Shimmy-shimmy shakes

Milkshakes have become a big deal here in the UK. The colossal growth of the plant-based and dairy alternative market means shakes can now be enjoyed by all, and the fact they’re so darn easy to make and customise means they’re a winner among guests and restaurant staff alike.

Time to get freaky (Image: LLBG)

“Freak shakes are a key trend to look out for this year within restaurants this year,” says Niki Jenman, director of New Forest Ice Cream.  “They are the perfect combination of both drink and dessert and are made even more delicious by using the finest ingredients to create a creamy consistency that’s packed to the brim with flavour.”

Both shakes and smoothies can be easily dressed up with eye-catching toppings that can level up the serve. A show-stopping shake is bound to turn heads every time it’s brought to the table, hopefully inspiring other customers to dive in and order the same. And you know, seasonal variations can work really well in this menu section, too. As Marie-Emmanuelle Chessé, international development project manager at Tipiak, observes: “Summer is a key time for shakes in pretty pastel colours. Think pinks, creams, apricots and yellows. Toppings such as macarons are a great way to ‘pimp up’ your offering and, as they’re available in a variety of colours and flavours, you’re sure to find the perfect macaron to match.”

Chessé’s top tip is to opt for thaw-and-serve macarons, so you always have a stash of stand-out decorations in your freezer ready to go.

Ice cream solves everything

Ice cream is the unsung hero of the restaurant dessert menu. As the perfect pudding accompaniment and a verified hero dish on its own, no meal is complete without at least a scoop to round things off.

“Ice cream can be used in a multitude of ways to create a delicious and quick dessert which can appeal to different ages and customers,” adds Jenman. “For example, an ice cream sundae is a surefire way to serve up a visually appealing sweet treat, while for those who want to keep it simple, a few scoops of the customer’s desired flavours can be a great way to upsell. Even traditional desserts can be made more enticing by a scoop of classic vanilla or a tangy sorbet to grab a guest’s interest.”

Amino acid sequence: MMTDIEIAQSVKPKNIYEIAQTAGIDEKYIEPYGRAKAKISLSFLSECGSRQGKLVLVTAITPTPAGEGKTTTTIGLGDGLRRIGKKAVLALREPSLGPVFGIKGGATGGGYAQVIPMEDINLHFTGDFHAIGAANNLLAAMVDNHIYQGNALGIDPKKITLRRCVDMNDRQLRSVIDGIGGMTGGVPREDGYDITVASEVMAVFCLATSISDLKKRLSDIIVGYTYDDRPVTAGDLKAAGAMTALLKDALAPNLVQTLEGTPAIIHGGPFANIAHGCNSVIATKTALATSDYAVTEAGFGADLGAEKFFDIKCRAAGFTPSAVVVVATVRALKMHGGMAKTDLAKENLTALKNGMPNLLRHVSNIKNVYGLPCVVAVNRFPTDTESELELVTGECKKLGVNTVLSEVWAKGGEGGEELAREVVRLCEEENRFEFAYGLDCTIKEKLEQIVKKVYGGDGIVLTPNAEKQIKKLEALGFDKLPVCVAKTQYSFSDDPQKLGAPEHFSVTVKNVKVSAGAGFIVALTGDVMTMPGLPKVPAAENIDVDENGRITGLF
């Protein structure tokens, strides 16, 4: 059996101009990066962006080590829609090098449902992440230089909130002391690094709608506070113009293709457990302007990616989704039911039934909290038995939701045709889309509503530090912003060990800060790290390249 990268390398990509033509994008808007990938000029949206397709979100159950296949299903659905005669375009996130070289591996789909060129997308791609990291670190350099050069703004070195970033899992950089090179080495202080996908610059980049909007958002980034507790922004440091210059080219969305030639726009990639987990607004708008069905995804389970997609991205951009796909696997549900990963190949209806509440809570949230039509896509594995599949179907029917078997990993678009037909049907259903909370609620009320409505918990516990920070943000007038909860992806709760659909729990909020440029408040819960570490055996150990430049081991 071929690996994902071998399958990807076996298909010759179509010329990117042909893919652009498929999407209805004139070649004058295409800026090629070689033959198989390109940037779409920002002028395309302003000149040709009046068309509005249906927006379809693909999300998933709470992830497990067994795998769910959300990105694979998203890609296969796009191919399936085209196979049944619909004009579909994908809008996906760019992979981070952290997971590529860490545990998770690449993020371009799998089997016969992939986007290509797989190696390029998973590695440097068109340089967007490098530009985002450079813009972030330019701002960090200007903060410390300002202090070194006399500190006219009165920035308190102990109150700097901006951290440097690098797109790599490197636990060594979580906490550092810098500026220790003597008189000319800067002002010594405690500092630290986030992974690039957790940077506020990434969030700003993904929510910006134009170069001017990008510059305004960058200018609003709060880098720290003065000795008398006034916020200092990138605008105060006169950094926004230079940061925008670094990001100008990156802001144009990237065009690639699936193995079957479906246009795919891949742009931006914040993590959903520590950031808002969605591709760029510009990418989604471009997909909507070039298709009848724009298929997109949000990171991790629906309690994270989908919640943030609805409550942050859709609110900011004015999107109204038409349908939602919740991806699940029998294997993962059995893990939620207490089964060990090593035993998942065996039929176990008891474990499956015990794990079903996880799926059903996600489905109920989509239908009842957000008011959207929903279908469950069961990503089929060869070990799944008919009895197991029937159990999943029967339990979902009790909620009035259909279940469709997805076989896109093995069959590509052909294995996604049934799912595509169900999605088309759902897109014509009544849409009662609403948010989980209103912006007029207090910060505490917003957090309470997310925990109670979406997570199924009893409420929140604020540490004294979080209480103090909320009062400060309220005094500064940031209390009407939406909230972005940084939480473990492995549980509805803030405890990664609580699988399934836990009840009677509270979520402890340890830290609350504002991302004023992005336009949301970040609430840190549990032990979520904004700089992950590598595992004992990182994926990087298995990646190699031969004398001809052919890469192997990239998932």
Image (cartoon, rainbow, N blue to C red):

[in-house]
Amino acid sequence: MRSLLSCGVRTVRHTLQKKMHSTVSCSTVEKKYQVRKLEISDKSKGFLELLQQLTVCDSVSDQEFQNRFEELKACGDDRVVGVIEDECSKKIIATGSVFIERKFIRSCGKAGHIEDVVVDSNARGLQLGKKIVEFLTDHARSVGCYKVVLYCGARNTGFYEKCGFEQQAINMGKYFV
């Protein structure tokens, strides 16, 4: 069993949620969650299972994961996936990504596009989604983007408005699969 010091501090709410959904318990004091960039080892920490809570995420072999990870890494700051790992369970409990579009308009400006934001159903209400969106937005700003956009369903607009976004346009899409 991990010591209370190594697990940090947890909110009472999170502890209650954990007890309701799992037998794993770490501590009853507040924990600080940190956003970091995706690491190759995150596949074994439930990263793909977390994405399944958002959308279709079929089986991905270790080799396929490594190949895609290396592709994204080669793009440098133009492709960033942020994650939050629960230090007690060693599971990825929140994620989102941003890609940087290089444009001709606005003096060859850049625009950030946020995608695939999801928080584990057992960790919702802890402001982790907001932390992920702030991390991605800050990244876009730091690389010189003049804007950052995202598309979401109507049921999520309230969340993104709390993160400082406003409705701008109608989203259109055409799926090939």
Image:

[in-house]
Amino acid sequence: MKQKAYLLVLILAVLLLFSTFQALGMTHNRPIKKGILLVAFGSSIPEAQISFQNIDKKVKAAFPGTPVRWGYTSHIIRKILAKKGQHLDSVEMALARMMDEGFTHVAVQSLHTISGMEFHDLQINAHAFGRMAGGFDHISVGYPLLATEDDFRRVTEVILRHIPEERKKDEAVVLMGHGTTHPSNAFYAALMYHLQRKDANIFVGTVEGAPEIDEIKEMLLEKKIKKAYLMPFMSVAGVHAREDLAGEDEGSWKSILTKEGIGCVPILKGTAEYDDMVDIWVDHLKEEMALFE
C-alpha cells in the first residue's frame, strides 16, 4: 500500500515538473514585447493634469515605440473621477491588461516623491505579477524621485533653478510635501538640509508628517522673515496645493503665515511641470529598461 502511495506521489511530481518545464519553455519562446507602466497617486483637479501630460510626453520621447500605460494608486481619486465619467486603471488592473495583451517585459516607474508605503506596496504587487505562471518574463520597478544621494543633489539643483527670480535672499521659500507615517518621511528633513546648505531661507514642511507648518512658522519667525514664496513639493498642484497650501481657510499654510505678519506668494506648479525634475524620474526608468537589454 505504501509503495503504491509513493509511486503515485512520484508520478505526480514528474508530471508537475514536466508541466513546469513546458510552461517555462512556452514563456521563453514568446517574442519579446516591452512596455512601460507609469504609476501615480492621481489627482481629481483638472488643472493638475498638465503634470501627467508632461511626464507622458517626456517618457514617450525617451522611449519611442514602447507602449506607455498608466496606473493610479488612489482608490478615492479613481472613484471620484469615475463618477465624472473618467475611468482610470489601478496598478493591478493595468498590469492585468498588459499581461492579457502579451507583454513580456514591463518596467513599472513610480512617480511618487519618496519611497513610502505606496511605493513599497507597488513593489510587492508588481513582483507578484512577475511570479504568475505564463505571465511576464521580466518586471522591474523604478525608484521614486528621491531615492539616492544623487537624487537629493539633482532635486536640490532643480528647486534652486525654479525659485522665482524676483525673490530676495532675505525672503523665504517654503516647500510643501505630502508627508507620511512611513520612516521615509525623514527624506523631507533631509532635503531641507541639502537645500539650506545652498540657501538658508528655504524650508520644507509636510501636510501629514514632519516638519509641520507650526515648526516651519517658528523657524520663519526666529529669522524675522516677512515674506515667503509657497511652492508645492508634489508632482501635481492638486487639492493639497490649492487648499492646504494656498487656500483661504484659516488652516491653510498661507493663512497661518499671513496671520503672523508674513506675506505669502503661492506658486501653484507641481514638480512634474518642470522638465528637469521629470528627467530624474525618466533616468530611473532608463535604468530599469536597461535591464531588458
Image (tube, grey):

Ice cream is integral to the Heavenly Desserts dining experience. Keen to cement its reputation as a dessert innovator, the brand wanted to go further than the classic vanilla gelato accompaniment, with flavours including strawberries and cream, Stracciatella and Caribbean coconut, as well as vegan mango and passionfruit sorbets. “By never sitting still and ensuring our desserts appeal to modern audiences, we’ve carved a path as a trendsetter in the dessert dining space,” says Aslam. “We also focus heavily on the experience, and this means creating beautiful and social media-worthy spaces that people want to share and enjoy with others.”

The good thing is that you make the rules when it comes to your venue’s desserts. With a mix of traditional and more creative options, as well as puds that cater to the full scope of dietary requirements, you’re off to a flying start. Just keep in mind that this is often the last stop on your guest’s culinary adventure in your restaurant – so give them something they’ll want to shout about and come back to try again!